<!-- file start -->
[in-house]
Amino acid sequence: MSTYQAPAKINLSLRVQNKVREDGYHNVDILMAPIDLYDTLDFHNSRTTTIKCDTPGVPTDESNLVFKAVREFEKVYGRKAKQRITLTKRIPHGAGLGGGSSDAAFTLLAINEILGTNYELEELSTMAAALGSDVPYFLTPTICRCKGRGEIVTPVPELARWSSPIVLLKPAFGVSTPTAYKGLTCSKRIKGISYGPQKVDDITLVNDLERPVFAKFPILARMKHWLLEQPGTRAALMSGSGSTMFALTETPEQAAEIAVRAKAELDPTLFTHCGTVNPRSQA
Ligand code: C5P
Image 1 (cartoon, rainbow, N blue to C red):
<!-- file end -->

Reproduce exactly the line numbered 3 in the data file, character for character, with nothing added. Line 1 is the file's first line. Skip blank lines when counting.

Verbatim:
Ligand code: C5P